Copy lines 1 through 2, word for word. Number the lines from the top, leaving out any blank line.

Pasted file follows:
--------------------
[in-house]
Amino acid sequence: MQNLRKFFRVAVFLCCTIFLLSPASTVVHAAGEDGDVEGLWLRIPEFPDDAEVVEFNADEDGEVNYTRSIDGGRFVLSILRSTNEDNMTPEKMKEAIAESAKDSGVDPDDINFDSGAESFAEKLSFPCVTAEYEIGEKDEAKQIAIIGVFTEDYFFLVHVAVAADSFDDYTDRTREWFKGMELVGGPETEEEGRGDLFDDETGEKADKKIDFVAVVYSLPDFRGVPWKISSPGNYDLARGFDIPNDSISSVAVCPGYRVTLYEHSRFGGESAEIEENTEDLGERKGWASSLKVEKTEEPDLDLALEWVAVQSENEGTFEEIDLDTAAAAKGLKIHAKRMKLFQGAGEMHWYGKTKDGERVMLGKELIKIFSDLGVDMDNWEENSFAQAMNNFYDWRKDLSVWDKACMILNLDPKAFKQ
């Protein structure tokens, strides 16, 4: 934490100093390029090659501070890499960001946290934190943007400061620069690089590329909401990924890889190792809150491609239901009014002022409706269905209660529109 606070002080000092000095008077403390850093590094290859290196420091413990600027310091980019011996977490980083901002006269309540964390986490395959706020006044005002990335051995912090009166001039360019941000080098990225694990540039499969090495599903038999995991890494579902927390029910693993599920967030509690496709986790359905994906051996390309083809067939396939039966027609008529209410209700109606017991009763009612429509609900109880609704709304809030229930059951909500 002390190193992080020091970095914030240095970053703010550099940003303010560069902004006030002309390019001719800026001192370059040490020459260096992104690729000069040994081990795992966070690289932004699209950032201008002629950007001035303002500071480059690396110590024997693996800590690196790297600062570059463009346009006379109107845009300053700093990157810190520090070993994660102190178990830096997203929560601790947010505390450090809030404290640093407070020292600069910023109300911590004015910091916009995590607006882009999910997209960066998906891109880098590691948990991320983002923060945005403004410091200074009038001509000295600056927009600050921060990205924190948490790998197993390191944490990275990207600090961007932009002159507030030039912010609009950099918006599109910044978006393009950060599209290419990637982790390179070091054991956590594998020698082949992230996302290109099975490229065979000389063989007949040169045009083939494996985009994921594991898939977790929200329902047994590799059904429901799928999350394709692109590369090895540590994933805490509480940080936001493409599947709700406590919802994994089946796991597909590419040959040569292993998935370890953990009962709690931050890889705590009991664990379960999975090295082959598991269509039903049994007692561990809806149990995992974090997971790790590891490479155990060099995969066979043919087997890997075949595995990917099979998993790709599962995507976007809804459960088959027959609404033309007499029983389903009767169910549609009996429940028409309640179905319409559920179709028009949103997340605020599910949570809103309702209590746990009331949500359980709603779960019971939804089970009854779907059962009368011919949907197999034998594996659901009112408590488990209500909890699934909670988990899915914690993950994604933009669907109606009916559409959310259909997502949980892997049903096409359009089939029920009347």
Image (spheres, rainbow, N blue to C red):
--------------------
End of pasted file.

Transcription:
[in-house]
Amino acid sequence: MQNLRKFFRVAVFLCCTIFLLSPASTVVHAAGEDGDVEGLWLRIPEFPDDAEVVEFNADEDGEVNYTRSIDGGRFVLSILRSTNEDNMTPEKMKEAIAESAKDSGVDPDDINFDSGAESFAEKLSFPCVTAEYEIGEKDEAKQIAIIGVFTEDYFFLVHVAVAADSFDDYTDRTREWFKGMELVGGPETEEEGRGDLFDDETGEKADKKIDFVAVVYSLPDFRGVPWKISSPGNYDLARGFDIPNDSISSVAVCPGYRVTLYEHSRFGGESAEIEENTEDLGERKGWASSLKVEKTEEPDLDLALEWVAVQSENEGTFEEIDLDTAAAAKGLKIHAKRMKLFQGAGEMHWYGKTKDGERVMLGKELIKIFSDLGVDMDNWEENSFAQAMNNFYDWRKDLSVWDKACMILNLDPKAFKQ